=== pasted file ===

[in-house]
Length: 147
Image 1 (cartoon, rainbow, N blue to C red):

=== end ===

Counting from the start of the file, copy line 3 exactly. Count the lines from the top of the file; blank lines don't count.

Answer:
Image 1 (cartoon, rainbow, N blue to C red):